---- — "Principle No. 6: Observe wildlife from a distance."
A group of new studies from scientists at Boise State University and with the U.S. Geological Survey are demonstrating that bird species considered "tolerant" of human activity and also species that seem "comfortable" with urban nesting are more negatively impacted by human disturbance than had been originally thought.
The researchers studied kestrels and falcons that set-up nests near roads and on office buildings in urban areas. The peregrine falcons that have nested for the past decade on the top of the Rachel Carson Building, the Harrisburg-based headquarters of our state's Department of Environmental Protection, were part of the study sample. The researchers found that the birds living in highly-developed areas had elevated stress hormones and high rates of nest abandonment. In fact, the studies showed that kestrels living along Idaho's Interstate 84 were nearly 10 times more likely to abandoned their nests than kestrels nesting in less-developed areas.
Just about every Native American tribe called the June full moon the "Strawberry Moon." However, most Europeans knew this moon as the "Rose Moon." Either way, this month's full moon is this Sunday. Our Valley's strawberry crop and many of its rose bushes have already peaked, but they both occurred during the month of June. By the way, based on lunar events, the fishing for the rest of the month will be best from the 25th to the 27th. If you're heading to the shore, this coming Sunday and Monday will be the best days for crabbing and clamming this whole month.
Sierra Club members will lead a 10-mile loop hike at the R.B. Winter State Park on Sunday morning starting at 8:30. Those interested may call Joe Rebar at 570-259-0134 if they wish to go along. If you can't make it this Sunday, you're still in luck, because Joe will lead a similar hike next Sunday, June 30. Make sure to pack a lunch and bring along plenty of water to drink.
All of our Valley's schools have let out for the summer, but educators and others who work with youth have a chance to continue their learning through wildlife-focused workshops that fulfill federal educational mandates. Project WILD provides conservation education that gives educators the tools that they need to inspire their students to make nature-sensitive choices. Project WILD is one of the most widely used conservation and environmental education programs among educators nationwide and the activities can easily be incorporated into almost any classroom curriculum.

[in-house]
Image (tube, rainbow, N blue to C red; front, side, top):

The "Ever Ready bunny" of conservation education outreach, Theresa Alberici coordinates the program through the Pennsylvania Game Commission. If you're a youth educator of any stripe and if this program sounds good to you, please visit the Game Commission's website at www.pgc.state.pa.us, and click on 2013 Teacher Workshops tab. Here's a sample of the types of Act 48-approved workshops that you can attend:
Wonders of Wetlands will be held on June 26 and 27 on State Game Lands near Waynesburg. Call IU No. 1 at 724-938-8722 or visit www.solutionwhere.com to register.
Pennsylvania Biodiversity will be held on June 28 at the Montour Preserve. To register, please contact Jon Beam at email@example.com or 570-437-3131.
Project WILD will be held on July 19 at the Game Commission's Northeast Region Office in Dallas. Participants may be formal and non-formal educators who want hands-on learning about the state environment and ecology educational standards. Contact Kathy Kelchner at 570-696-9105 or firstname.lastname@example.org to register.
WILD About Birding will be presented at the Nolde Environmental Center and at the Middle Creek Wildlife Management Center on July 22 and 23. To register, contact Bert Myers at email@example.com or call 717-733-1512.
Monarchs in the Classroom is a great workshop that will be held on August 13th at the Olewine Environmental Center at Wildwood Lake near Harrisburg. During the workshop, educators will learn how to raise monarchs in the classroom to teach students about insect anatomy and life cycle. Contact the Wildwood staff at 717-221-0292 before the Aug. 5 deadline.
Take me out to the ballgame
Outdoors Night at Metro Bank Park on City Island provides discounted tickets to licensed Pennsylvania hunters and furtakers. There will be tons of outdoors-themed activities, including archery instruction and shooting simulators before and during the game. The first 1,000 children ages 12 and under to enter the park will receive a free hunter-orange Game Commission baseball cap. Game time is 7 p.m. for this evening that's sponsored by the Game Commission and the Harrisburg Senators. You just need to show your hunting licenses at the box office to receive a $2 per ticket discount.